Damien Rice.


His deeply soulful and passionate voice has been a part of my every day for the past 15 years. Last night, I had the special honor of seeing and hearing him perform in person. He stood alone with his acoustic guitar and piano in a beautiful, dimly lit, intimate church in downtown Los Angeles. I sat and took in every single second of the evening, his presence and his profoundly expressive and emotional music.

I intensely connect with my being and all that awakens and inspires me, through music. I always have. When I came to the realization at a very young age that I was misunderstood and the possibility of anyone getting me seemed hopeless, I discovered my love and need for music and writing. When I witness someone sincerely and wholeheartedly communicating and expressing themselves through their chosen medium, I am affected in ways I wish I could explain. Damien Rice has always been such a powerful catalyst in provoking my introspection and penetrating sequestered places within my spirit.

I’ve longed to play piano my whole life. I am now learning and playing daily with my son. The sound of music in our home enlivens my soul and reminds me that it is never too late to fulfill a desire. We should never be too busy to actualize something we truly enjoy. Something which fulfills us and expands the limitations we set upon ourselves and the boundaries we consciously or unconsciously stand behind.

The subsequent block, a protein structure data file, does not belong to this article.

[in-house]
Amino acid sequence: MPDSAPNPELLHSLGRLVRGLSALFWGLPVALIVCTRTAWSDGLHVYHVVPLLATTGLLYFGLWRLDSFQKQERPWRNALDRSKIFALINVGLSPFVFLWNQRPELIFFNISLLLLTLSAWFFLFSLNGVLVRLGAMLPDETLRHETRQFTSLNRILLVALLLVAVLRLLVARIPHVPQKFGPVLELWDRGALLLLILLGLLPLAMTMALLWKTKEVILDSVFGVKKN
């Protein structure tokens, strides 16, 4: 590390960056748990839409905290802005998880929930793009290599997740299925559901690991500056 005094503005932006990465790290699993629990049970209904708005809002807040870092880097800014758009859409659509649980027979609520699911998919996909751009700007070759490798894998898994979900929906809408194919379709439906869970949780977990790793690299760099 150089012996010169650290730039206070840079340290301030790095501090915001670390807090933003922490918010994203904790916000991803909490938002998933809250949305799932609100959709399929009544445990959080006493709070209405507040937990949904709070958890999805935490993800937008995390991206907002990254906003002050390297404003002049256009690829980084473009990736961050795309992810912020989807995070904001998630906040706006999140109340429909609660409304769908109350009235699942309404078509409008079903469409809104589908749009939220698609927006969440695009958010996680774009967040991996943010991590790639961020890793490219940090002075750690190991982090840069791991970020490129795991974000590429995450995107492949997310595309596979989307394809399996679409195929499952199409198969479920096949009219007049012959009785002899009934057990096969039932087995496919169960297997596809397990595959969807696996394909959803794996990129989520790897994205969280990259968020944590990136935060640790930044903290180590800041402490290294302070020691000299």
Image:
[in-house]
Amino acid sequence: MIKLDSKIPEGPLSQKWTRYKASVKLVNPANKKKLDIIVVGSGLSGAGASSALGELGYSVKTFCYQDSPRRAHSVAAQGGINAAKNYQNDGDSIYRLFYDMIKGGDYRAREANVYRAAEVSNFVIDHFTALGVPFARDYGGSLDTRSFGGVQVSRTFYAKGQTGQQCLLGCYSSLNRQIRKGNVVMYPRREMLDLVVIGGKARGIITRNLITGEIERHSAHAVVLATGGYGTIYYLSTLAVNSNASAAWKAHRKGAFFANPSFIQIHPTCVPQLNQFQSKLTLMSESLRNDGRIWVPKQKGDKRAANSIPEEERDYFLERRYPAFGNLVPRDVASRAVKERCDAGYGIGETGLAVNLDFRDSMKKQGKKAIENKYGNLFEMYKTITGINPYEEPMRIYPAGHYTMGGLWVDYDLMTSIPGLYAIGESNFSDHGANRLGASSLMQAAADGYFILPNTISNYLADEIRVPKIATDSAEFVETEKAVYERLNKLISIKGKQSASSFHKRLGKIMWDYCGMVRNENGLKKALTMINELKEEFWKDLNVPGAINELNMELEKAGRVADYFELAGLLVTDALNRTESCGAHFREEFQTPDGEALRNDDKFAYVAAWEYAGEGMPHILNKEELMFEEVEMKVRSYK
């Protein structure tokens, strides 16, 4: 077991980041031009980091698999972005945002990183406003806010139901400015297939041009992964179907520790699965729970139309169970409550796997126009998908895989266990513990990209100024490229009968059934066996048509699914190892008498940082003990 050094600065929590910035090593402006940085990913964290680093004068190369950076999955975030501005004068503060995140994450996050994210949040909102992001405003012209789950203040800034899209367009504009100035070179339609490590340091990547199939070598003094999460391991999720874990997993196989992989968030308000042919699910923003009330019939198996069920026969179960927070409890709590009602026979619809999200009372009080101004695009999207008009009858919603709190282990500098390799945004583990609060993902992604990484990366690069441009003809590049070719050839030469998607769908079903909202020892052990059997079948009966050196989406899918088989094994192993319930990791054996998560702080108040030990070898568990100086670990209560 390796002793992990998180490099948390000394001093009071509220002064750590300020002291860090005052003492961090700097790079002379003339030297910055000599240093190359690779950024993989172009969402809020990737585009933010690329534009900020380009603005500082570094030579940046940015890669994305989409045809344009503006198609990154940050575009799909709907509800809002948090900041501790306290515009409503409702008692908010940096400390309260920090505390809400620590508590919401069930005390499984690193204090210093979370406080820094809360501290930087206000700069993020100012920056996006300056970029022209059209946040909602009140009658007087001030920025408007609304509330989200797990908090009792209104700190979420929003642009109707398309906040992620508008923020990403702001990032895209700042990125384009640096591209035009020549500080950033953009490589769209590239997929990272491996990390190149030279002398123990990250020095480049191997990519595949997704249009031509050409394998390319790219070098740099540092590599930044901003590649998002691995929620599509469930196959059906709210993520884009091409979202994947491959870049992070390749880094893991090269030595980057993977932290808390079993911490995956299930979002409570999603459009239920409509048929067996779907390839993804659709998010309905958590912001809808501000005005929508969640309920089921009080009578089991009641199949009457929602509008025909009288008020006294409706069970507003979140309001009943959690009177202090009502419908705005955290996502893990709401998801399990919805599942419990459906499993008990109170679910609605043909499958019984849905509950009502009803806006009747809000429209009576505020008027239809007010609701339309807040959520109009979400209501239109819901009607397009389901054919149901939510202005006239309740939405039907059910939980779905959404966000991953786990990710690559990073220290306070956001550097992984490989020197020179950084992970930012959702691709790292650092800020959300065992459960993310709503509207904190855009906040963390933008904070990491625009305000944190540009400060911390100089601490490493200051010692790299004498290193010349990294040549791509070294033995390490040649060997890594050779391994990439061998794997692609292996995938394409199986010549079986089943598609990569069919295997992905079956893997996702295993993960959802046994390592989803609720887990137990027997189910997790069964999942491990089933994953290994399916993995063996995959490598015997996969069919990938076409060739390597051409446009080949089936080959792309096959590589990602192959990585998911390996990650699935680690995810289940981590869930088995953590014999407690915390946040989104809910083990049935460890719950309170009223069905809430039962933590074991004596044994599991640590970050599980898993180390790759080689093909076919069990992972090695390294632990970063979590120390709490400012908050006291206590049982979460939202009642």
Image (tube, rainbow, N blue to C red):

Many things came up for me last night as I experienced the compelling force that is, Damien Rice. His lyrics are so raw, so poignant and so revealing. Each word, each strum of the guitar, each and every touch on the keys of the piano, consumed me.

In each word and each shift of the inflection in his voice, I felt his essence, his pain, his warmth, his sincerity, his yearning. It is through that expressiveness that I am able to look deeper within myself and allow for discovery and clarity through the unravelment.

His willingness and ability to expose his heart and vulnerability as he does, genuinely touches and moves me. He is very comfortable in his skin and he speaks his truth through his music. Intensely. Openly. Lustfully. He isn’t trying to fit in or be anyone other than himself and his authenticity consoles me.

I felt pure love in that space. I gazed at him and the faces of all those enraptured and I felt connected and united and infinite. All at once.